(Lordstown) - As part of a worldwide restructuring, General Motors is closing five plants in North America, including the sprawling Lordstown complex outside Warren, the largest auto plant in Ohio.
GM says production of the Chevy Cruze will end on March 1st, both in Lordstown, where the sedan is made, and at a plant in Mexico that makes the Cruze station wagon.
Monday's news about the Lordstown plant was "A shot in the gut" to David Green, president of UAW Local 11-12. Green says efforts will begin to try to convince GM to build another vehicle. Green says they were told that the Chevy Cruze sedan, made in Lordstown, is being discontinued by GM.
U.S. Senator Sherrod Brown calls the decision "Corporate greed at it worst."
The Lordstown assembly plant has been in operation over 50 years, having turned out a variety of cars over the years, including the Chevy Cruze, the Chevy Cobalt, and back in the 70s, the Chevy Vega.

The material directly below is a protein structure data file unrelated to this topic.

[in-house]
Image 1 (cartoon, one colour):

About 1,600 people currently work at the plant, mostly for GM, but a few others for suppliers. The plant, not that long ago, ran three daily shifts. That was cut to two shifts, and in the past year, just one shift.
Auto industry analysts have noted that in recent years, sales of SUVs, crossovers and pickup trucks are up, while sales of sedans are down.
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